Dutch working environment

Working hours in the Netherlands

According to Dutch law, you should not work more than eight hours per day or 40 hours per week.

Depending on the industry, a maximum of nine hours per day and 45 hours per week could be the case, but no one is allowed to work more than 2.080 hours a year. Consequently, the average working week in the Netherlands is approximately 40 hours.

There is also the option of a "four-day week" meaning you work 10 hours per day. However, a specific agreement with the employer should be made in advance. Organisational culture and employment policies are also important factors to consider.

Finally, no matter what, all employees should be given a 30-minute break after they complete 4,5 hours of work.

Labour contracts in the Netherlands

In general, there are three labour options that differ on the employment period and dismissal procedures. As always, specific arrangements with the employer can be made.

Temporary labour contracts

This type of contract has a pre-specified startand end date. In other words, there is no dismissal procedure at the end of the contract.

 Permanent labour contracts

In this case, there is no end date. The contract can be terminated by either the employer or the employee only under pre-determined conditions.

 Contracts with a recruitment agency

The recruitment agency is your legal employer even though you work for a specific organisation. Note that there is no arrangement for your protection against dismissal.

Gross salary & net income in the Netherlands

With a 2.500 euros contract per month you will take home around 1.770 euros. Salaries are sky-high but so are taxes. When you sign a job contract, you negotiate a gross salary (i.e. before tax subtraction) but what you are really interested in is the net income (i.e. what goes directly to your bank account). You can download the income calculator here.

Remuneration packages

Salaries, holidays and bonuses are offered as a package in the Netherlands. Yet, what you should ask for and expect depends on your academic background and work experience. As an example:

For an entry-level position with a Master's degree, the monthly salary varies between 2.300-2.500 euros gross.

 Every May there is a bonus equivalent to 8% of annual earnings.

 The number of vacation days is usually 24 per year. However, it is common for companies to offer more days off as an additional incentive.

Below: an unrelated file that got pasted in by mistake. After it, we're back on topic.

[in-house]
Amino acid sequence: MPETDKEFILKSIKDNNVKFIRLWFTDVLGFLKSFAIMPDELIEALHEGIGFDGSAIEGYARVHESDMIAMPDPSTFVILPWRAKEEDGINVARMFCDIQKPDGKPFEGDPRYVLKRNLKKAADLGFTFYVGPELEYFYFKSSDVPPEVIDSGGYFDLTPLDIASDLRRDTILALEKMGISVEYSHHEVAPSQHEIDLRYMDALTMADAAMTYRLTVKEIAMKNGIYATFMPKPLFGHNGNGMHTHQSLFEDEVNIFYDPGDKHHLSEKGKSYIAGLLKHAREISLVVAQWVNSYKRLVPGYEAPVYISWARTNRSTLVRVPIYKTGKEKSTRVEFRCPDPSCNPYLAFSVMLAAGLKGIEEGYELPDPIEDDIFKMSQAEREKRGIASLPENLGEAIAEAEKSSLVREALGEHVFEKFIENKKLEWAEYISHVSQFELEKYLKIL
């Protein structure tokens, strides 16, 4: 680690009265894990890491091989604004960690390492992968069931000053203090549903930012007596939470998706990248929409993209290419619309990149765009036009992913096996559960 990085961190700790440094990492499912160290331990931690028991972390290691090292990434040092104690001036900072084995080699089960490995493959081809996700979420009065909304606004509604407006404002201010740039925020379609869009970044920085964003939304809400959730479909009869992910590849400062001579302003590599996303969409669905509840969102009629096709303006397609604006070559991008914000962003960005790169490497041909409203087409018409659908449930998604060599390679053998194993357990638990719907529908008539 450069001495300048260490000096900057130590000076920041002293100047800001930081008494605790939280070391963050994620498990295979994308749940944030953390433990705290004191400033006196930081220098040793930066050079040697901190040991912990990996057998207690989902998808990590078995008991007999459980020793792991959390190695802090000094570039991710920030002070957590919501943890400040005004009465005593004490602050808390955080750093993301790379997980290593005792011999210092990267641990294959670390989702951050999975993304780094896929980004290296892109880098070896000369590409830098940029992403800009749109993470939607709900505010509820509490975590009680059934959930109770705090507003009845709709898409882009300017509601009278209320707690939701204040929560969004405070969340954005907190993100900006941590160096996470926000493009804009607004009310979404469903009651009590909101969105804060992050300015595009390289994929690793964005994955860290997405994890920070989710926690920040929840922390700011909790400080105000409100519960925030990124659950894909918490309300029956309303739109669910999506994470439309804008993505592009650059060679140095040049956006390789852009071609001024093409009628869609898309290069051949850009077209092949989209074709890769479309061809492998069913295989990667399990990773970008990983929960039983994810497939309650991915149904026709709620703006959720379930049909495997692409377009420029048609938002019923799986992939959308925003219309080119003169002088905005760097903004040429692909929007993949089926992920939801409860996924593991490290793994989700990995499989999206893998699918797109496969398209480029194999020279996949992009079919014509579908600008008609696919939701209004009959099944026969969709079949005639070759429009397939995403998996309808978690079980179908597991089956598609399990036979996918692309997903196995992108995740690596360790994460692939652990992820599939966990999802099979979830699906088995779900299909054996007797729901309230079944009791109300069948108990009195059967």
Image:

Some employers offer the possibility to "buy" extra days off.

 The nation's minimum wage can be changed every six months to adjust to inflation.

Minimum wage in the Netherlands

For an employee aged 23 or over in full employment, the gross minimum wage as of July 1, 2014 is 1.495,20 per month (8,36 euro an hour).

How to nail a job interview in the Netherlands

Do interviews in the Netherlands work differently to in your home country? Check out these excellent tips to ace your next Dutch job interview.

New rules for reimbursing employee expenses in the Netherlands

As of January 1, 2015, new rules will come into play for the Dutch Work Expenses Scheme (WKR). Find out how it may affect your job or business.

Working in the Netherlands: changes to Dutch labour law

On January 1, 2015, the Dutch labour law will change drastically. Find out how it could affect your work agreement in this overview.

Most useful languages for working in the Netherlands

What are the most useful languages for working as an expat in the Netherlands? This article discusses the languages which are most in demand.

More expat women in top jobs in the Netherlands

The number of female CFOs in the AEX top 25 companies has gone from zero to three in the past six months- and they're all expats.

Stress is most common occupational hazard in the Netherlands

A growing number of Dutch workers suffer from stress burnout, at great expense to government and business.

Working in the Netherlands: non-compete clauses

Do employees in the Netherlands need to take non-compete or relations clauses seriously? Here's how it works from a legal perspective.

How to transition your career into a new industry

Thinking about a career change? It's a challenging move but it can be done! Here are 9 tips to help you start the process.

Cultural conflicts in the Dutch working environment

In many of the struggles non-Dutch experience while working for a company in the Netherlands, a cultural difference is often at the heart of it.

Dutch employee satisfaction fourth highest in Europe

By their own estimation, Dutch employees are some of the best off in Europe, going by their rate of satisfaction with working conditions in the Netherlands.

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